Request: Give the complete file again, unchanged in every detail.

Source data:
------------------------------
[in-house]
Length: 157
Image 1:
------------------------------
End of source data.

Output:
[in-house]
Length: 157
Image 1: